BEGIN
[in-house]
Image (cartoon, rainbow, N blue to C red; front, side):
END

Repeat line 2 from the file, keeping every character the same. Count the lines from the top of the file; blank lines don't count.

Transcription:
Image (cartoon, rainbow, N blue to C red; front, side):